ENGLEWOOD, Colo. (AP) After a rookie season in which he caught more flack than passes, Cody Latimer is preparing for a much bigger role in Denver’s offense in 2015.
The wide receiver from Indiana was buried on the depth chart behind Pro Bowlers Demaryius Thomas and Emmanuel Sanders and slot men Wes Welker and Julius Thomas.
That wasn’t a bad thing in the Broncos’ minds. This way, he could learn from some of the best and not face the pressure of having to produce right away.
Article continues below ...
Latimer admits he took that approach a little too far, however.
He played in just eight games in 2014, catching two passes for 23 yards and no TDs.
Looking back, Latimer said he just didn’t prepare properly for the pros and tried too hard to please Peyton Manning.
”I’ve got to accept the fact I messed up,” Latimer said. ”I wasn’t on my Ps and Qs. I can’t let that happen again. It’s like when you touch a hot stove when you’re a little kid. I’m not going to do that again.”
Latimer would regularly wow everyone as a member of the scout team. But he couldn’t translate that into games because he couldn’t always decipher Manning’s many changes in the play call at the line.
When the season was over, Latimer hit the playbook, the game film, the weight room and the football field with a renewed vigor.
The results are a more chiseled physique, more confidence, and, he insists, a better brain for the game.
”I’m more mentally into it this year,” Latimer said. ”I go home and study a lot now. I spend extra time with coaches after practice. In meeting rooms, actually paying attention. Last year, just a mess-up on my part. But this year, I’m making sure I don’t have that same downfall.”
Latimer received a cherished invitation this spring to Manning’s annual passing camp, where he made an impression on the five-time MVP.
”I thought I saw a little change in him just in those four months since I had seen him,” Manning said. ”I could tell he’s been working on his own. He’s in good shape and obviously, he’s excited about his opportunity. He knows that he’s got a chance to play a big role on this team. … I’m pulling for him.”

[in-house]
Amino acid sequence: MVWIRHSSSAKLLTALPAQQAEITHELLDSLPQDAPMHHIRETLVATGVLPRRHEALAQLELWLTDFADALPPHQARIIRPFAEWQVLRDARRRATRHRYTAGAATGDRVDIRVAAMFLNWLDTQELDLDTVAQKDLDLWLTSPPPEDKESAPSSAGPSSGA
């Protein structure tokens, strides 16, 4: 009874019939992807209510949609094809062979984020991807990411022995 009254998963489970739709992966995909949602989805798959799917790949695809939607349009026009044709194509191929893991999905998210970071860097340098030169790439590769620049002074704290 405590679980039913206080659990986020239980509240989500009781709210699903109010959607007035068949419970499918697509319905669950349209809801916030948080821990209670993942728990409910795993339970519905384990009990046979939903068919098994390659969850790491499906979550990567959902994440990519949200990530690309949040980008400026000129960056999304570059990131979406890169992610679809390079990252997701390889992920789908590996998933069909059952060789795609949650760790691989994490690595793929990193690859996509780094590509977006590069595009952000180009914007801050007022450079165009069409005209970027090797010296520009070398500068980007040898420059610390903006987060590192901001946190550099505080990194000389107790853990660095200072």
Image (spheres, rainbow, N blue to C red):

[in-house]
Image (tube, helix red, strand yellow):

Also belting his praises is Sanders.
”On my Twitter, I’m real vocal about Cody. That’s because I believe in Cody. He’s a special player,” Sanders said. ”He’s got strong hands. He’s a physical tool. I think this is going to be the year that he jumps onto the map.”
Latimer has those expectations, too.
Even though coach Gary Kubiak is installing more of a run-based offense, Latimer said this is the perfect platform for him: ”Love it. There’s a lot of running, we get to block. A lot of deep throws. That’s something we like – big chunks of yardage.”
Latimer swears he’s ready this time around.
”When I get in the huddle now, I’m just confident. Last year I was a rookie and I was worried so much about what was Peyton thinking. I wanted to impress him so much,” Latimer said.
He now realizes that respect comes organically.
”If I go out there and play my ball, hopefully that impresses him,” Latimer said. ”But that’s not my main focus. I’m just trying to make sure I make plays when called on and I know what I’m doing.”
Latimer languished on the sideline last year when a terrific class of wide receivers put up big numbers. But he swears he’s not driven by catching up to the likes of Odell Beckham, Sammy Watkins and Mike Evans.
”I came into a good situation and they came into better situations,” Latimer said. ”I had Pro Bowlers in front of me. They came in and they were their team’s main guy. So, they had to take that step. I got a year of learning experience to see how the game is played.”
AP NFL website: www.pro32.ap.org and www.twitter.com/AP-NFL